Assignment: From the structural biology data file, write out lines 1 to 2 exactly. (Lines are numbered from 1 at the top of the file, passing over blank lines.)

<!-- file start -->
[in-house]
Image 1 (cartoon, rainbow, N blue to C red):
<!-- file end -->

[in-house]
Image 1 (cartoon, rainbow, N blue to C red):